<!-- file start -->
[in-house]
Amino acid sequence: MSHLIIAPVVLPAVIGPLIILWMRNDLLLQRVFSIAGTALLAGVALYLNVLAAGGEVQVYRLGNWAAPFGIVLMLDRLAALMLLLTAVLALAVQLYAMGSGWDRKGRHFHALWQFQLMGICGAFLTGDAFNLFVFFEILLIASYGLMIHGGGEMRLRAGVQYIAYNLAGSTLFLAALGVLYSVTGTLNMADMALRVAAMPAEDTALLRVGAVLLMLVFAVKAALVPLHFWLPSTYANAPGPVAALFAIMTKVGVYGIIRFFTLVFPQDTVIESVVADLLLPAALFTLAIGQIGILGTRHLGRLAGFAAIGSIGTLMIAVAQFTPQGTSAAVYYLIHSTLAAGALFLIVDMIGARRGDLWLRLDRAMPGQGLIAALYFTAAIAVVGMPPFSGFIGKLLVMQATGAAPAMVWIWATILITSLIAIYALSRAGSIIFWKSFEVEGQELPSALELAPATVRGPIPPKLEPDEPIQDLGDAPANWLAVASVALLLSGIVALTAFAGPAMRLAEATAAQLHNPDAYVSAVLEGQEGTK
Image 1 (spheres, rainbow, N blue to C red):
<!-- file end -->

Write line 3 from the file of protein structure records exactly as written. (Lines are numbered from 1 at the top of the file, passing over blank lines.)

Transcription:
Image 1 (spheres, rainbow, N blue to C red):